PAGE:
If you were to strip out the Chicago & Phoenix population from the statistic, the numbers become ever more profound.
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Old 06-17-2007, 01:23 PM   #12
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I live just a 15 min drive from the ocean and a 2 minute drive from a river, and several ponds and lakes with a small pond and stream at the end of my street.
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Old 06-17-2007, 02:13 PM   #13
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We're about a mile from the Gulf as the crow flies, maybe 12 miles to spectacular beaches; our home is 10' above sea level.

It's true for us that nearby major water enhances our enjoyment even if we don't go to the beach every week. We see it when we travel, we (as a region) benefit from the tourism, and it gives off something of a relaxed, vacation atmosphere.

But then there are hurricanes...
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Old 06-17-2007, 02:40 PM   #14
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moeng, a high school friend of mine might have his telescope aimed at your window. he's on the bay up by conquistador in bradenton. gorgeous views of the bay there.

at 6-ft elevation (actually the neighbor across from me just had us measured so on the street now right in front of our houses is painted "el. 6.66"--scary), i'm a 3-mile bike ride to the nearest beach and maybe 4 or 6 miles to world famous fort lauderdale strip, well, what's left of the strip anyway. from mom's house you can boat from safe harbor or walk to the beach. location location location.

having done much boating along the east coast i've loved touring historic ports and often fantasized about how these areas developed. it is no wonder to me that populations gathered here. i've also been on lots of islands and they make me very comfortable. love gator's take on gainesville in another thread (& i'm considering that for my retired future) but there's nothing better than watching sunrise and sunset over the ocean from the same hammock. talk about lazy.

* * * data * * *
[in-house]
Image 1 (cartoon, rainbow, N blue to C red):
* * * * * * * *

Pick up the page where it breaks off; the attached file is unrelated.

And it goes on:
i've only been off the coast a few times, once to kansas city for job training and recently i did a leaf-peeping tour of blue ridge mountains. it definitely gives me a sense of landlock within my first few days there. i remember in kansas after a few days coming upon a river and i had to stop and spend some time there for comfort.

i also noticed that i have more difficulty orienting myself directionally when i'm not near this coast. but i have the same problem in california or in sarasota where they put the water on the wrong side.
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Old 06-17-2007, 03:35 PM   #15
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In Phoenix, we are 400 miles from Santa Monica and at 1423 Feet. Mexico may be closer but I haven't figured out how to get mapquest to calculate it.

We are safe from the rising sea.
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Old 06-17-2007, 03:44 PM   #16
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In Phoenix, we are 400 miles from Santa Monica and at 1423 Feet. Mexico may be closer but I haven't figured out how to get mapquest to calculate it.

We are safe from the rising sea.

Google Earth has a ruler tool that allows you to draw a measured line between points. I'm 63 miles from the Atlantic.
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Old 06-17-2007, 04:32 PM   #17
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moeng, a high school friend of mine might have his telescope aimed at your window. he's on the bay up by conquistador in bradenton. gorgeous views of the bay there.

.

I'm very close to that area and I also have a telescope so maybe we are looking at each other .Wouldn't that be funny ??
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Old 06-17-2007, 08:17 PM   #18
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When living on Long Island NY we were about 10 minutes from Jones Beach. We moved last Nov. and still about 10 minutes from the beach on the east coast of Florida.
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Old 06-17-2007, 10:18 PM   #19
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As already pointed out....the other 50% not on the coasts are probably mostly near major rivers or along the great lakes....
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Old 06-17-2007, 10:47 PM   #20
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I kind of wonder about those who live close to the ocean - could you ever do without?
I grew up close to the sea but am currently landlocked. I miss the sea a lot and plan to move closer after RE.